Towards an anti-cocaine vaccine
Cocaine addiction could be countered by a simple vaccine?
US researchers say the vaccine they have created is causing cocaine addicts to abandon their drug use. In fact, the injected substance increases the level of antibodies against the drug, which makes it inactive before it reaches the brain and produces its euphoric effects.
Teams from Yale University and Baylor College come to this conclusion after six months of clinical trial.
The results show that 38% of vaccinated cocaine addicts produce a sufficient level of antibodies to block the effects of the drug. As a result, cocaine use has plummeted, with some consumers ceasing to take any.
A downside however: the effects have not persisted for more than two months.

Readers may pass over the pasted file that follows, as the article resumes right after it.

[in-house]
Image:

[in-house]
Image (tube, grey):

The authors therefore believe that optimal treatment would require repeated vaccinations to maintain adequate antibody levels.
The lead author of the study, Thomas Kosten, has been developing a cocaine vaccine for 15 years.
"Fifteen years ago, everyone said that it was impossible to produce antibodies against small molecules like this one. Dr. Thomas Kosten
According to the International Narcotics Control Board, cocaine is the second most commonly used drug in North America, accounting for 2.3 million users in the United States alone.